A view into the smoke-filled saloons, brothels, and gambling “hells” of the frontier West
Joseph Lowe attracted trouble the way a magnet draws iron. Eventually this strange talent cost him his life, but not before he had made his mark in a good many towns of the frontier West. “Rowdy Joe,” folks called him. He was every bit of that and more.
The life that earned him his nickname began after the Civil War, when he mustered out of the Union Army and went West. He apparently worked as a mule skinner and at other jobs before getting into the entertainment business—saloons, dance halls, gambling parlors, brothels—at Ellsworth, Kansas.
In this book the authors explain how taxation was used to control and manipulate what some called “this evil in our midst.” In telling the story of Joe Lowe and his place in frontier history, they also focus on the measures taken by city councils to extract cash from the “locusts of lechery” in an effort to curtail their activities.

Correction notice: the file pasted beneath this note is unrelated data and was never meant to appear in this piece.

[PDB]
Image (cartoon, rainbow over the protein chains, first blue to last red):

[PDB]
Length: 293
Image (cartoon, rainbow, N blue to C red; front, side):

Communities that employed police to enforce local ordinances and state laws found that enforced taxation was not only less deadly than the six-shooter, but more productive. Harsh fines could be imposed for “soliciting” or running a saloon or “house” without a license, and in this manner the city benefited from revenue paid for the privilege of remaining in business. Some like Lowe refused to pay, but invariably they met defeat.
When things got hot in Kansas, Joe tried Texas, and then Colorado. It was in Denver that Joe got drunk once too often, repeatedly antagonized a former policeman, and was shot and killed.
Rowdy Joe Lowe is a view into the smoke-filled saloons, brothels, and gambling “hells” of those who prospered or perished amongst the pasteboard pirates, pimps, or other characters of the frontier West.